Kids sometimes have the tendency of throwing temper tantrums at the most inconvenient times, but when one 4-year-old had a meltdown on his way into school, an Indiana cop, who was there supporting her church community, knew exactly how to deal with it.
Indiana State Police officer Precious-Cornner Jones went to a local elementary school last week to support her pastor, who holds high-five rallies in which members of the community give high-fives to students walking into school to give them inspiration for the day, she told ABC News.
That’s when she saw a little boy with a severe case of the Mondays. When he walked into school, he had a “look” on his face, which more than conveyed that he was not in a “good mood,” she said. Then, a quintessential meltdown began, and the boy collapsed to the floor.
Cornner-Jones spotted the boy’s mother from across the room and signaled to her that she would “deal with” her son, she said. Cornner-Jones is a mother to two young boys herself, ages 3 and 5, and a 17-year-old daughter. That, combined with her volunteer efforts and time spent with her church community, has greatly contributed to her expertise in dealing with children, she said.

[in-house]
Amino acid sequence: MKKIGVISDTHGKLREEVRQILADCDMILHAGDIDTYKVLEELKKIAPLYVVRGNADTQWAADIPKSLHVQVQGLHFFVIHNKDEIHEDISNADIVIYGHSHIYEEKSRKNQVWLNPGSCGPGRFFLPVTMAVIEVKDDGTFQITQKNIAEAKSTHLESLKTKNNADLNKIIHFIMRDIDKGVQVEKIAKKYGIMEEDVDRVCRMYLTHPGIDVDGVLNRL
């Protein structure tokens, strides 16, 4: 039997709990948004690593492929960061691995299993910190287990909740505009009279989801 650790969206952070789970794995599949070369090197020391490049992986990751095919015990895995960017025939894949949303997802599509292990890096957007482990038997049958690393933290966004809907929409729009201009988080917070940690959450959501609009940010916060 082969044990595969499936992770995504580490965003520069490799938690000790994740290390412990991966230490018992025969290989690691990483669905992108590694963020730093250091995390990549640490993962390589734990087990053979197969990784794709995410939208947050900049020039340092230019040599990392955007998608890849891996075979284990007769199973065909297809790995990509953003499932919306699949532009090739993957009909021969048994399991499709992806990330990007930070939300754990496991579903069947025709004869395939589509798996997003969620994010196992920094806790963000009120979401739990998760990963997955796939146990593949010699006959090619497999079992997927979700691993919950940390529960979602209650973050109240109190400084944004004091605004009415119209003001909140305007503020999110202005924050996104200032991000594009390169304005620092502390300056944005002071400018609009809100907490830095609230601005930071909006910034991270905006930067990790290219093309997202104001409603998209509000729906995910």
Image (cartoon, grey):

The officer got down on the ground and lied down next to the boy, wiping tears from his eyes and asking, “Hey, little man, what’s going on?”
At first, he looked at her, confused, Cornner-Jones said. Within a few minutes, he was smirking back at her.
“It wasn’t a cop moment,” she said. “It was a mother moment.”
“I think people lose sight that these kids are humans, too,” she said, adding that it’s unrealistic to expect children to be “robots” who do “exactly what we say.”
Cornner-Jones said she hopes her story inspires people to “stop” and “show someone some love.”